“Pop music shouldn’t always get a bad rap,” says Top Pops!, a recurring selection of pop music highlights across a selection of styles, updated throughout every month to bring you the best of the funk.

+++ FULL POST + TOP POPS! COLUMNS + ALL MUSIC COLUMNS

 

Dutch Uncles – “Bellio”
Vocally one part Bear In Heaven and one part Field Music, Dutch Uncles have a lot of fascinating things going on as far as the world of pop music goes. Cascading instrumentation, unforeseen breakdowns, and minimalism in occasionally suitable points make “Bellio” a track that may not be initially mind-blowing, but shifts here and there into a rainbow-clad Battles. Their upcoming record, Out of Touch in the Wild, will be released on Memphis Industries on April 2nd, and is a busy-body piece of work that will dazzle some and overwhelm others.

 

Kisses – “Huddle”
Kisses’ verbal simplicity often infuriates me to no end (note their band name and generic song titles galore), but in my humble opinion, they repeatedly redeem themselves with their tried-and-true methods of stripping down pop songs to only their catchiest necessities. With the release of “Huddle” and last month’s “The Hardest Part”, Kisses miiiiight be giving away all of their best tricks prior to the release of their next full-length, the again obnoxiously-named Kids In L.A.… but whatever gets them (and you) in the door, I guess.

 


Generationals – “Spinoza”
Just in time for spring warmth comes Generationals’ latest record on Polyvinyl, Heza. As Polyvinyl has been scooping up pop outfits left and right, they’ve found something brilliant in Generationals, as far as “Spinoza” goes, a prime indicator. Garage-surf vibes are present on “Spinoza”, but it is the flowering, echoingvocal cadences that really make the track an early body-shaking victory. Stream the whole album right now on Hype Machine.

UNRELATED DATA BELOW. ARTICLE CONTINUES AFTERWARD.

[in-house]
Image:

Julian Lynch – “Carios Kelleyi I”
“With the whistling of wind chimes, the smacking of tambourines, the crash of cymbals in the distance, “Carios Kelleyi I” is one of the most immediately inviting tracks on Lines. The precise, sparse use of Lynch’s electric guitar amplifies the song from charming to ineffable, a brilliant juxtaposition that comes together in a gorgeous fashion.” (from Julian Lynch – Lines Album Review) ERIK BURG

 

Maria Minerva – “Black Magick”
“‘Black Magick’, with its deadpan and detuned vocals delivered atop… awkward melodic imagery, typifies the knowingly innocent, alienated and strangely plaintive attitude of the female protagonist present in all these songs [on the Bless EP]. As this track evolves, the lyrics cleverly mutate, from an opening few lines that could be found in any mainstream pop song, via subtle shifts of stance and ground, to a scenario and meaning that is darker and more complex in nature.” (from Maria Minerva – Bless EP Album Review) GREG HEALEY

 

Ólafur Arnalds – “For Now I Am Winter”
Taking it down a notch with this beautifully somber track from Icelandic artist Ólafur Arnalds, who, on his latest record, has decided to explore more electronic and vocally-driven territory than he ever has before. The title track of the record, “For Now I Am Winter” guest stars Arnór Dan, and a slow synth progression collides into introspective vocals as gently as the rainfall that opens this track.

 

Ω

(Visited 48 times, 1 visits today)